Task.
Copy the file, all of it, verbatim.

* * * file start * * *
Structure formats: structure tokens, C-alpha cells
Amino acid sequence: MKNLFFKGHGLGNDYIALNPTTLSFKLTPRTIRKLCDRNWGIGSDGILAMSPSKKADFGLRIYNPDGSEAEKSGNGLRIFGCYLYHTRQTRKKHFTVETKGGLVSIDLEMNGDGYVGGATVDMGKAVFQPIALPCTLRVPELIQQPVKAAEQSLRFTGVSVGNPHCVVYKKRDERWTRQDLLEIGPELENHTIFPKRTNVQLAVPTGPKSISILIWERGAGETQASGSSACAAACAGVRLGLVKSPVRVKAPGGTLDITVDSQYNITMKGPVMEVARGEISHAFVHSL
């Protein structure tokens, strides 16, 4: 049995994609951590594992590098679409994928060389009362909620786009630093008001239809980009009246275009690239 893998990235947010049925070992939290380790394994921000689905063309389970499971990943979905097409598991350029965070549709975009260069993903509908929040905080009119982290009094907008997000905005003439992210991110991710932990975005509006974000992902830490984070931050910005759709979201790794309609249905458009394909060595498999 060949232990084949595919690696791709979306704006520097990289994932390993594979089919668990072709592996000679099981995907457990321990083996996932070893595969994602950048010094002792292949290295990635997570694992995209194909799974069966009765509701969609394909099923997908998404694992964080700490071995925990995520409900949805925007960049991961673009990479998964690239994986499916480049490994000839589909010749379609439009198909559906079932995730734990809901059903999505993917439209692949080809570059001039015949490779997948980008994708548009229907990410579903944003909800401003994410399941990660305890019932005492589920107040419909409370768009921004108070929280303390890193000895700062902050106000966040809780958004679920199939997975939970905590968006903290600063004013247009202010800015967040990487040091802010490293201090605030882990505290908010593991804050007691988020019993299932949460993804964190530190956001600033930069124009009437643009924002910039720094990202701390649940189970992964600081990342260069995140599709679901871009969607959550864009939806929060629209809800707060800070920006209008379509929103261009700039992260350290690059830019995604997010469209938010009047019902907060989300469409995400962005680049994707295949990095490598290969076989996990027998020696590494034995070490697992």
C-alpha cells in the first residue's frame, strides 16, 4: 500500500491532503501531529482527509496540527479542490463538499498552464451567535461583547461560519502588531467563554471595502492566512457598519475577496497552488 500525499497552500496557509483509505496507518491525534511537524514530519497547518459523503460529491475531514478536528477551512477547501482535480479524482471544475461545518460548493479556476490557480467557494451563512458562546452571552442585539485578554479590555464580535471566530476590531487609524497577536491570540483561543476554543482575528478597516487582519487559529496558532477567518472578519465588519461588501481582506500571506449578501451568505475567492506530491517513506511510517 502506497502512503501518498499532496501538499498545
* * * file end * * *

Structure formats: structure tokens, C-alpha cells
Amino acid sequence: MKNLFFKGHGLGNDYIALNPTTLSFKLTPRTIRKLCDRNWGIGSDGILAMSPSKKADFGLRIYNPDGSEAEKSGNGLRIFGCYLYHTRQTRKKHFTVETKGGLVSIDLEMNGDGYVGGATVDMGKAVFQPIALPCTLRVPELIQQPVKAAEQSLRFTGVSVGNPHCVVYKKRDERWTRQDLLEIGPELENHTIFPKRTNVQLAVPTGPKSISILIWERGAGETQASGSSACAAACAGVRLGLVKSPVRVKAPGGTLDITVDSQYNITMKGPVMEVARGEISHAFVHSL
């Protein structure tokens, strides 16, 4: 049995994609951590594992590098679409994928060389009362909620786009630093008001239809980009009246275009690239 893998990235947010049925070992939290380790394994921000689905063309389970499971990943979905097409598991350029965070549709975009260069993903509908929040905080009119982290009094907008997000905005003439992210991110991710932990975005509006974000992902830490984070931050910005759709979201790794309609249905458009394909060595498999 060949232990084949595919690696791709979306704006520097990289994932390993594979089919668990072709592996000679099981995907457990321990083996996932070893595969994602950048010094002792292949290295990635997570694992995209194909799974069966009765509701969609394909099923997908998404694992964080700490071995925990995520409900949805925007960049991961673009990479998964690239994986499916480049490994000839589909010749379609439009198909559906079932995730734990809901059903999505993917439209692949080809570059001039015949490779997948980008994708548009229907990410579903944003909800401003994410399941990660305890019932005492589920107040419909409370768009921004108070929280303390890193000895700062902050106000966040809780958004679920199939997975939970905590968006903290600063004013247009202010800015967040990487040091802010490293201090605030882990505290908010593991804050007691988020019993299932949460993804964190530190956001600033930069124009009437643009924002910039720094990202701390649940189970992964600081990342260069995140599709679901871009969607959550864009939806929060629209809800707060800070920006209008379509929103261009700039992260350290690059830019995604997010469209938010009047019902907060989300469409995400962005680049994707295949990095490598290969076989996990027998020696590494034995070490697992």
C-alpha cells in the first residue's frame, strides 16, 4: 500500500491532503501531529482527509496540527479542490463538499498552464451567535461583547461560519502588531467563554471595502492566512457598519475577496497552488 500525499497552500496557509483509505496507518491525534511537524514530519497547518459523503460529491475531514478536528477551512477547501482535480479524482471544475461545518460548493479556476490557480467557494451563512458562546452571552442585539485578554479590555464580535471566530476590531487609524497577536491570540483561543476554543482575528478597516487582519487559529496558532477567518472578519465588519461588501481582506500571506449578501451568505475567492506530491517513506511510517 502506497502512503501518498499532496501538499498545